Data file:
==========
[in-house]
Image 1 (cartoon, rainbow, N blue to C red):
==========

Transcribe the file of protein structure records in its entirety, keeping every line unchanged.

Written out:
[in-house]
Image 1 (cartoon, rainbow, N blue to C red):